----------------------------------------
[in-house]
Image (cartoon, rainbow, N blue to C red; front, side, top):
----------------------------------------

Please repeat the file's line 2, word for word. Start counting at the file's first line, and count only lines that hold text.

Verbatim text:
Image (cartoon, rainbow, N blue to C red; front, side, top):